Second, possessing the necessary means to achieve your stated goals.  Let us remember the parable of the talents.  Yes, those means are necessary and important, but it can happen that sometimes they prove insufficient to reach the goals.  We should not become discouraged, but keep in mind that the Church has always accomplished great works with limited means.  Certainly, those means need to be found and our talents used in the best way possible, but in a way that demonstrates that all power comes to us from God and is not our own.  That is where the Church’s wealth comes from; indeed, “God is able to provide you with every blessing in abundance, so that by always having enough of everything, you may share abundantly in every good work” (2 Cor 9:8).  Sometimes it is counterproductive to have too many material resources for carrying out a work because it anesthetizes creativity.  And this, from the administration of a housewife to large industries or large charitable organizations.  Having to work out how to feed six thousand with only four thousand portions, for example, increases creativity.  Moreover, there is a disease that concerns material resources in institutions: sometimes, when they are plentiful, such resources do not arrive where they are needed.  Because, since we have resources, we pay a sub-secretariat here and an under-sub-secretariat there… and then the administrative organization chart grows to the point that forty, fifty, sixty percent of the contributions received remains in the organizational apparatus and does not reach where it should arrive.  I am not inventing this, it happens today in many Church institutions that you know well.

Finally, coordinating initiatives through teamwork.  The experience of faith, of knowing that we are vessels of the Lord’s grace, tells us that this is possible. Cooperating in shared projects makes the value of our works even more evident, since it brings out something connatural to the Church: her communion, her journeying together (syn-odos) in the same mission in service of the common good, through “co-responsibility” and the contribution of everyone.  Your Forum wishes to be an example in this regard.  As a result, the projects that you carry out in different places, by joining forces with other Catholic organizations and in communion with your Pastors and the Representatives the Holy See to International Organizations, will have the expanding effect of the leaven of the Gospel and the light and power of the earliest Christians.  Today’s world is calling for new boldness and new imagination in opening new paths of dialogue and cooperation, in order to promote a “culture of encounter”, where, in accordance with the creative plan of God, the dignity of every human person is foremost.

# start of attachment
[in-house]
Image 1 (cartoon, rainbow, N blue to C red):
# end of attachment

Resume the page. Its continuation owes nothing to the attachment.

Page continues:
Dear friends, the Church and the Pope need your work, your commitment and your witness at the frontiers of the international community.  The word “frontier” for you is full of meaning.  Move forward with courage and ever-renewed hope.  Many thanks.

(Source: Vatican Press Office)